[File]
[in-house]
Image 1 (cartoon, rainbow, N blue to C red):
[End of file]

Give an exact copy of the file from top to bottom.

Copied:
[in-house]
Image 1 (cartoon, rainbow, N blue to C red):